Turnbull gets energy policy green light
Posted on 06/29/19 4:05 PM
Malcolm Turnbull says cheaper power bills are a step closer after securing “overwhelming” support from his party room for the National Energy Guarantee.
State and territory ministers agreed to release draft legislation that would establish mechanisms for the deal on Wednesday morning, after a phone hook-up on Tuesday night.
It’s still up to Labor to decide if they will also back it.
Mr Turnbull claimed a win in his party room where the majority of his MPs strongly backed the guarantee.
That’s despite former prime minister Tony Abbott refusing to vote for his party’s signature energy policy, giving Labor a chance to kill it in parliament.
“It will deliver not just more reliable power, but cheaper power,” Mr Turnbull told reporters in Canberra on Tuesday.
Starting in 2020, the national energy guarantee is designed to cut $550 a year from energy bills and also requires power companies to meet reliability and emissions reduction targets.
The guarantee will be introduced to federal parliament within the next 10 days.
Mr Abbott warned his colleagues they would be “dead wrong” to endorse the policy, calling the promise of cheaper power “merchant bankers’ gobbledegook” – a backhanded criticism of Mr Turnbull.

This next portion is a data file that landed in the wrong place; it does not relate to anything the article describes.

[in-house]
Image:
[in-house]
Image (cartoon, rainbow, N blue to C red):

Up to a dozen coalition MPs have either expressed concerns with part of the policy or reserved their right to vote against the bill in its entirety.
The chief concern appears to be the lack of certainty over the size of power bill cuts, which some MPs say should be a legislated part of the guarantee.
Asked about the possibility of losing a vote on the draft laws in parliament, Mr Turnbull said he shared colleagues’ concerns about power prices.
Labor says if the states agree to the policy framework then the party will support it, but energy spokesman Mark Butler says the opposition will seek to amend the legislation to include a higher emissions reduction target.
He says Labor is prepared to fight an election on the benefits of renewable energy.
The NEG imposes a 26 per cent emissions reduction target on the electricity sector, but Labor wants a 45 per cent target.
“This is a plan that will smash jobs and investment in renewables,” Mr Butler told reporters.
Victoria and Queensland have so far refused to sign up to the guarantee, but they have also agreed to keep talking.
“We’ll study the Commonwealth NEG legislation thoroughly to see what concessions Malcolm Turnbull has given the climate sceptics in his party room,” Victorian Energy Minister Lily D’Ambrosio said.
Greens leader Richard Di Natale urged Labor not to cave in.
“Take a stand and recognise that this policy will drive up emissions, will drive up power prices, and all it will do is make a few climate deniers in the coalition party room happy,” Senator Di Natale told reporters.